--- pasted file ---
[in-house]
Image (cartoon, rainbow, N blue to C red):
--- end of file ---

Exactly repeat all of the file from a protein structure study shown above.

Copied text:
[in-house]
Image (cartoon, rainbow, N blue to C red):